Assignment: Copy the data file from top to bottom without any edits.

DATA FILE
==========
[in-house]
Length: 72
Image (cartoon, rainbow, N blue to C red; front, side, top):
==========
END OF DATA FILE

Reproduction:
[in-house]
Length: 72
Image (cartoon, rainbow, N blue to C red; front, side, top):